Night and Day [shared with Ray Heindorf] (1946)

Life with Father (1947)

My Wild Irish Rose [shared with Ray Heindorf] (1947)

Johnny Belinda (1948)

Beyond the Forest (1949)

The Flame and the Arrow (1950)

Miracle of Fatima (1952)

The Jazz Singer [shared with Ray Heindorf] (1952)

The Caine Mutiny (1954)

Battle Cry (1955)

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John Barry is very good for the ones you mentioned and others.

 

Other good ones are,Marvin Hamlisch,John Williams,Enrico Morricone,Henry Mancini (who doesn't love "Moonriver?), Burt Bacharach, I know there are more.

 

I'll come back later, I can't remember right now.

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> Max Steiner: as a youth, he studied under

> Johannes Brahms and Gustav Mahler.

 

No wonder he was so good. If you can't learn anything from those two then you don't belong in that profession.

 

Speaking of classical composers I like Aaron Copland as well. He seemed to adapt to movies well. Several of his film scores have remained in the concert world.

 

Message was edited by:

Me

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I love Leonard Bernstein's moody music for "On the Waterfront."

 

The American composer Virgil Thompson did several film scores - I can remember only "Louisiana Story" and "The Plow that Broke the Plains" right now, but there were others. The music is in the Copland vein.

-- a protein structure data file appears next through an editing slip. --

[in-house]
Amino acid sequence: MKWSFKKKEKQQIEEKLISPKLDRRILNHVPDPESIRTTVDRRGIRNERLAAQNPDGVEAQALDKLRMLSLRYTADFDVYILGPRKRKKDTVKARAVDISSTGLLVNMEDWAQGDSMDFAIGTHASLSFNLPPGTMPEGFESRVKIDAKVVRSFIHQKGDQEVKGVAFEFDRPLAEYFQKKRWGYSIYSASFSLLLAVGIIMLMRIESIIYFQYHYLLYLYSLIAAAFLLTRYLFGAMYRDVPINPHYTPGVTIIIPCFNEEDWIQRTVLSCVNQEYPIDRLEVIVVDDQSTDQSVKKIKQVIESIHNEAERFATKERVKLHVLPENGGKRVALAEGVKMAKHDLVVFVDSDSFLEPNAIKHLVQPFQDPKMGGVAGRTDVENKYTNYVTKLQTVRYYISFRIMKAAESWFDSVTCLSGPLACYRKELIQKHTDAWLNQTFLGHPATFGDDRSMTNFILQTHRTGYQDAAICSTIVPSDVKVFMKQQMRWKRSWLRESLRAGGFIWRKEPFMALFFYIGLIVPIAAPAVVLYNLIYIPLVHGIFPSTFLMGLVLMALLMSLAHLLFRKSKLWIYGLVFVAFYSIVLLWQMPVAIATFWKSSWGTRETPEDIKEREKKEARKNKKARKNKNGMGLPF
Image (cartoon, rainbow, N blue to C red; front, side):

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Elmer Bernstein for Western, even thought Jerome Moross's score for " The Big Country " is hard to beat. Hageman and Victor Young did a lot of great work on Westerns.

 

Copland was fantastic for " Of Mice and Men ", and "The Red Pony "/ Rosza for noirs and Ben - Hur, and Bernard Herrman for countless films.

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Love Elmer Bernstein's The Man With the Golden Arm. A couple of current composers that I like are Danny Elfman and Angelo Badalamenti.

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Nino Rota was a composer of opera and ballet, but is best known as the man who scored so many of Federico Fellini's movies. Maestro Arturo Toscanini urged him go to Philadelphia to study under Fritz Reiner at the Curtis Institute, and so Sr. Rota headed to America in the early 1930's. After two years in the U.S., he returned to Italy, and audiences first took note of his film scores when he wrote the music for Renato Castellani's Zaz?. He continued with a prolific career, working for Edward Dmytryk (Obsession), Edgar Ulmer (I Pirati di Capri), in addition to many popular Italian directors. In 1947 and 1948 Maestro Fellini wrote for two of Alberto Lattuada's movies which Sr. Rota scored. A few years later Fellini would hire Rota to write the score for his second feature, a comedy called Lo Sciecco Biancho (which was screened on TCM in September, 2006). This musical marriage lasted until the end of Rota's life in 1979, as he scored every Fellini movie between 1952 and 1979. His scores ranged from the heartbreaking trumpet strains of La Strada to the sweet nostalgia of Amarcord and the crass circus music of I Clowns. Though Fellini kept Rota busy, he also wrote scores of others: Visconti's aching romance Le Notte Bianchi and sweeping epic Il Gattopardo; Zefferelli's Romeo and Juliette (where his score was reborn as the lounge lizard's hit "A Time for Us") and winning an Oscar for Coppola's The Godfather II. He also had a knack for incorporating popular music with his scores. In La Dolce Vita Rota would intertwine his own notes with Arlen's "Stormy Weather", Perez Prado's "Patricia" and even "Jingle Bells". In 8 1/2 he creates a musical cioppino with Rossini and Wagner. Bravo Rota!